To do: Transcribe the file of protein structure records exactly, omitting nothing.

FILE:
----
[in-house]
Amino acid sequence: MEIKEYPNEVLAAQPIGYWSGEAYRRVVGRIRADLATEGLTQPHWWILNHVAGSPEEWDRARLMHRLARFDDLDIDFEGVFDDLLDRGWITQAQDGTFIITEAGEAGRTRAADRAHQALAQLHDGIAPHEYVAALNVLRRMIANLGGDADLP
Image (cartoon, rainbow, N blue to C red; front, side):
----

[in-house]
Amino acid sequence: MEIKEYPNEVLAAQPIGYWSGEAYRRVVGRIRADLATEGLTQPHWWILNHVAGSPEEWDRARLMHRLARFDDLDIDFEGVFDDLLDRGWITQAQDGTFIITEAGEAGRTRAADRAHQALAQLHDGIAPHEYVAALNVLRRMIANLGGDADLP
Image (cartoon, rainbow, N blue to C red; front, side):